AO 4:06, Nov/Dec 2001
Ancient Life: Roman Haute Cuisine
Fried flamingo, anyone?
Were the ancient Romans simply the Italian connoisseurs of their day? Were they fond of corn-meal polenta, roasted potatoes, egglant, and penne in tomato sauce, followed perhaps by a cup of thick, sweet espresso?
Nope. Not unless Roman ships did indeed cross the Atlantic, for these foods (except for the pasta, which arrived on the scene much later) all came from the New World.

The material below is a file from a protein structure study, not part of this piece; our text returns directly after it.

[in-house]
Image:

What the Romans did eat is suggested by this third-century A.D. mosaic from Greco-Roman Antioch, on Turkeys Mediterranean coast near the border with Syria. The mosaic, which once covered the floor of a dining room in Antiochs House of the Boat of Psyche, depicts (from left to right) personifications of the Harvest (Opora) and Fields (Agros) enjoying the fruits of their labors while being served by Wine (Oinos).